But even as a relatively staunch environmentalist, I didn't really "get" in-season produce until I tried keeping a garden 365 days a year. Now it sticks, and I have a much better idea when I walk into a grocery store of what veggies are in season. I should know, because they reflect what I'm currently trying (or know I can) grow in my garden for the given month.
Basically, the benefit isn't just that I'm buying less stuff from the grocery store.
No even whole foods is charging the correct price for goods when one takes into account the environmental impact.
In the same way, over the last century or so, we became a species with ample access to calories‡. With foods containing the evolutionary markers of high calorific content (i.e. sugars, carbs and fats) being the cheapest.
It doesn't surprise me in the slightest that we are similarly primed to overindulge in both. Nor that we lack the innate intuition to determine quality. I very much expect the nascent 'tech detox' movement to develop into a broader healthy thinking movement.
‡ #NotAllHumans, obviously.
"... The story is that in the region of Naucratis in Egypt there dwelt one of the old gods of the country, the god to whom the bird called Ibis is sacred, his own name being Theuth. He it was that invented number and calculation, geometry and astronomy, not to speak of draughts and dice, and above all writing. Now the king of the whole country at that time was Thamus, who dwelt in the great city of Upper Egypt which the Greeks call Egyptian Thebes, while Thamus they call Ammon. To him came Theuth, and revealed his arts, saying that they ought to be passed on to the Egyptians in general. Thamus asked what was the use of them all, and when Theuth explained, he condemned what he thought the bad points and praised what he thought the good. On each art, we are told, Thamus had plenty of views both for and against; it would take too long to give them in detail. But when it came to writing Theuth said, 'Here, O king, is a branch of learning that will make the people of Egypt wiser and improve their memories; my discovery provides a recipe for memory and wisdom.' But the king answered and said, 'O man full of arts, to one it is given to create the things of art, and to another to judge what measure of harm and of profit they have for those that shall employ them. And so it is that you, by reasons of your tender regard for the writing that is your offspring, have declared the very opposite of its true effect. If men learn this, it will implant forgetfulness in their souls; they will cease to exercise memory because they rely on that which is written, calling things to remembrance no longer from within themselves, but by means of external marks. What you have discovered is a recipe not for memory, but for reminder. And it is no true wisdom that you offer your disciples, but only its semblance, for by telling them of many things without teaching them you will make them seem to know much, while for the most part they know nothing, and as men filled, not with wisdom but with the conceit of wisdom, they will be a burden to their fellows.'"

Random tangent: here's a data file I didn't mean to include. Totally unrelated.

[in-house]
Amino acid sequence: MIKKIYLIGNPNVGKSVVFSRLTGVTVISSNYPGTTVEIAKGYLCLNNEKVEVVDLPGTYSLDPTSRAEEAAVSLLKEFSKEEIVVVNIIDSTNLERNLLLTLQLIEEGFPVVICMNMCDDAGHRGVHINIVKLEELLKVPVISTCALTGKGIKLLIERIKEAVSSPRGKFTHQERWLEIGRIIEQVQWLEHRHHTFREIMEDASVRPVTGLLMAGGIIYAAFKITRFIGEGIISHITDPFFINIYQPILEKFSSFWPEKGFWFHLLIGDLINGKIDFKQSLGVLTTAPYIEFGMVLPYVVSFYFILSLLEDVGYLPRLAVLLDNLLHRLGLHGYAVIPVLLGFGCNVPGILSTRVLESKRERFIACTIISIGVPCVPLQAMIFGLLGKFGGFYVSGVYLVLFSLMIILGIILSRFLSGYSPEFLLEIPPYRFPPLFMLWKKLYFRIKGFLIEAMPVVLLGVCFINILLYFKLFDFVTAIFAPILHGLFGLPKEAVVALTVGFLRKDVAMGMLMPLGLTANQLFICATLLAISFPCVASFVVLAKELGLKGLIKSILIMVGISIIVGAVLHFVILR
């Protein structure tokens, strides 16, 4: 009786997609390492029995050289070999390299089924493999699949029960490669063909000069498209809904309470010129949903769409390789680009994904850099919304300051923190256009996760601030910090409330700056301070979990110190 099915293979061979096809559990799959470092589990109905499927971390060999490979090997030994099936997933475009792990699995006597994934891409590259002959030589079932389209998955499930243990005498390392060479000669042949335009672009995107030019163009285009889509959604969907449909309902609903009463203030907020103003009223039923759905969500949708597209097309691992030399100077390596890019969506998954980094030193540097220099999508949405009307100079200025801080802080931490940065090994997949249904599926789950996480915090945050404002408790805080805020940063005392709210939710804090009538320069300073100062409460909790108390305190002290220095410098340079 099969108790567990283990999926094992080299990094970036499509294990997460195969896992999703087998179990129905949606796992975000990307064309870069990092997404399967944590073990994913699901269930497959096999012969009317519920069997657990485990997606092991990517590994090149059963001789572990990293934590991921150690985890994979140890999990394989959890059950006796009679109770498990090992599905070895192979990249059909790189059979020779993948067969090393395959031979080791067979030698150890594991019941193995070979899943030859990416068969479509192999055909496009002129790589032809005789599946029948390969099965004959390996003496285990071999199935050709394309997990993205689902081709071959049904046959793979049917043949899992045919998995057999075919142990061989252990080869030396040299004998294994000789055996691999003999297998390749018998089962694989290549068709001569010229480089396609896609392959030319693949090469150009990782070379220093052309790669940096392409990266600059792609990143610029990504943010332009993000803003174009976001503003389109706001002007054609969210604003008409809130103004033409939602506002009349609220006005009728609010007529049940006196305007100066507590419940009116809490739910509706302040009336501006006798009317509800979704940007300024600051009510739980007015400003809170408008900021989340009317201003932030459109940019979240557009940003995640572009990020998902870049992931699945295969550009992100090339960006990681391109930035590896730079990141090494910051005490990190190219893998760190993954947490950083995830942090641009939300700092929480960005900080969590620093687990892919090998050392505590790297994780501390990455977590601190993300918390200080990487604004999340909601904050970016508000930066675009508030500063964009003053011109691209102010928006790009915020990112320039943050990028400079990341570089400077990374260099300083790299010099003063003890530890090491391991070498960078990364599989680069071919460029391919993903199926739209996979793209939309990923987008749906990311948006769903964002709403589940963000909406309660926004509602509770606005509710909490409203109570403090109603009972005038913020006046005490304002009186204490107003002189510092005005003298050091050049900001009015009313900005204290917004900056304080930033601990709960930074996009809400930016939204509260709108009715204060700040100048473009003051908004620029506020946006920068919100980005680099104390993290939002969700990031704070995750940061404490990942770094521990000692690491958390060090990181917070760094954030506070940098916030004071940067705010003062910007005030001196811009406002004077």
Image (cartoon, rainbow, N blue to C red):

Plato, "Phaedrus" (c. 360 BCE)
I'm not sure starved is the right metaphor.
When saying we were "information starved" it implies we actually needed more information, like food, when in fact the reason the brain pays so much attention to new stuff is probably because the signal to noise ratio was much higher for millions of years than it is these days.
We arguably did need more, like the locations to find food, when to plant food, how to deal with drought or pests, how to avoid and defend from predators, etc. Information is the key to all of our needs.
Information was critical for survival, so it's no surprise we seek it out.
Some have thus argued that our cognitive abilities actually evolved to deal with understanding the minds of other humans, to predict defectors and establish complex social systems that encourage cooperation and enhance collective survival. Our ability to cooperate provides a huge adaptive advantage, and so our innate biases supposedly make more sense in this context.
This makes social media doubly dangerous, since not only is information valuable, but information about what other people are talking about, thinking, etc. is even more important to us.
Which makes me think: will we ever have enough?
“diseases of abundance”